-- PAYING TRIBUTE TO CLASSIC CAR ACTION MOVIES
A lifelong fan of classic action film sequences, director Scott Waugh opted to film genuine car-to-car action rather than use computer-generated images in the new film “Need for Speed.” Seven modified 2014 Ford Mustangs were built for filming and promotion in addition to an early prototype 2015 Mustang fastback.
For Waugh, a former stuntman, the visceral experience generated by the performance, sound and visual presence of Ford Mustang makes it a natural choice for the hero car role in the highly anticipated movie opening nationwide March 14.
Waugh’s goal is to tell a character-driven story steeped in car culture that gives the audience a genuine perspective of what it’s like to drive at high speeds and in close proximity to other cars.
“My philosophy has always been you can’t break physics,” said Waugh. “If you do, it hurts the story, because then the physics don’t apply to the characters either.” said Waugh. “Doing practical stunts with cars takes more up-front preparation to set up the shots and ensure safety, but the end result is worth it.”
Computer generated imagery enables today’s filmmakers to produce virtually any sequence their imaginations can conjure. While that’s a great approach to creating science fiction, fantasy or superhero sequences that don’t exist in the physical world, it doesn’t deliver the authenticity Waugh is after with “Need for Speed.”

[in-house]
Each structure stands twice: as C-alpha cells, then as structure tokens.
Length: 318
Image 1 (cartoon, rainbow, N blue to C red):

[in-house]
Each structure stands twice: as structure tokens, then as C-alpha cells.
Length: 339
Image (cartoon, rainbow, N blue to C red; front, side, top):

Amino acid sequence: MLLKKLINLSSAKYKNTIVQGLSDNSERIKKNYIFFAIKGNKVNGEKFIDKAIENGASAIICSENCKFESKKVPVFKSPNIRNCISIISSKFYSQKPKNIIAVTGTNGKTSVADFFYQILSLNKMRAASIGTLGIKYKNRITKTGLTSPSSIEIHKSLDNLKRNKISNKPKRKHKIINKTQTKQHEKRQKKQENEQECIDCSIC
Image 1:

Starting with “Grand Prix” in 1966, “Bullitt” in 1968 then continuing through the 1970s, a new style for filming cars included mounting cameras on and inside the vehicle, giving viewers a first-person perspective of the action. Waugh and director of photography, Shane Hurlbut used many of the same techniques making “Need for Speed,” in combination with the latest camera technology.
More than 40 different digital cameras – from compact action cams to high-end cinema cameras – were used to capture images. The impressive image quality and small size of the action cameras enabled the directors to get shots that would have been unheard of in the 1960s.
“It’s really complicated to shoot in a car,” said Waugh. “You’re so confined. So we made sure all the camera angles would convince the audience the actors were really driving.”
Three different camera cars – including a supercharged Mustang GT – were used to get the close-in action shots that provide the sensation of speed to viewers. The combination of different cameras gave Waugh and Hurlbut the flexibility to shoot more angles of the action to capture the visceral experience of driving.
In addition to professional stunt drivers, the actors needed to be able to safely handle the high-powered driving machines in “Need for Speed.” The cast, including lead actors Aaron Paul and Imogen Poots, went through intensive training at Willow Springs International Motorsports Park in California, where they learned such intricacies of car control as drifting around corners and hitting precise marks while driving.
One driver who didn’t require intense instruction was champion drifter Vaughn Gittin Jr. Gittin was recruited for the sequences that involved driving the all-new 2015 Mustang that appears in the film. Few drivers are as qualified as Gittin to fling a Mustang around and place it exactly where the director wants it.
The film centers on protagonist Tobey Marshall’s quest to cross America in a modified 2014 Mustang GT. Of the seven wide-body Mustangs, three survived the filming process. Two of those cars are on tour promoting the film, while the other will be auctioned for charity April 12.